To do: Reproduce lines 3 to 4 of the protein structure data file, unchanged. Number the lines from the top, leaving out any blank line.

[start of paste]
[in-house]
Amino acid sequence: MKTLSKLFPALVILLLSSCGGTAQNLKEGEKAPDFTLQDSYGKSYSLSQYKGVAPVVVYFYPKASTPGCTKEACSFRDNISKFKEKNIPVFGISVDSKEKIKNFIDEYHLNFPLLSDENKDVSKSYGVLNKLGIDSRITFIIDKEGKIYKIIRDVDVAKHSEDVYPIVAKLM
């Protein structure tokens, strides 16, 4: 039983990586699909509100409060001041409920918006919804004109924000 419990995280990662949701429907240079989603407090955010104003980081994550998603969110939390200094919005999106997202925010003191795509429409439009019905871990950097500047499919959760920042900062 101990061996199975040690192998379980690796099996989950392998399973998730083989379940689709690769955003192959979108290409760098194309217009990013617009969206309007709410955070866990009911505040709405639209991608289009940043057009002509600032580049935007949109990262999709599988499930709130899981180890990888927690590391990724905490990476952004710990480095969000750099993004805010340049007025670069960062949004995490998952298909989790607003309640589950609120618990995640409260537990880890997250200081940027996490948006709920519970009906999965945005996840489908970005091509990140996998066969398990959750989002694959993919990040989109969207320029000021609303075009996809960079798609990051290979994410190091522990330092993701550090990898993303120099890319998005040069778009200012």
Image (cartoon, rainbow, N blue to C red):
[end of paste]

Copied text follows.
């Protein structure tokens, strides 16, 4: 039983990586699909509100409060001041409920918006919804004109924000 419990995280990662949701429907240079989603407090955010104003980081994550998603969110939390200094919005999106997202925010003191795509429409439009019905871990950097500047499919959760920042900062 101990061996199975040690192998379980690796099996989950392998399973998730083989379940689709690769955003192959979108290409760098194309217009990013617009969206309007709410955070866990009911505040709405639209991608289009940043057009002509600032580049935007949109990262999709599988499930709130899981180890990888927690590391990724905490990476952004710990480095969000750099993004805010340049007025670069960062949004995490998952298909989790607003309640589950609120618990995640409260537990880890997250200081940027996490948006709920519970009906999965945005996840489908970005091509990140996998066969398990959750989002694959993919990040989109969207320029000021609303075009996809960079798609990051290979994410190091522990330092993701550090990898993303120099890319998005040069778009200012």
Image (cartoon, rainbow, N blue to C red):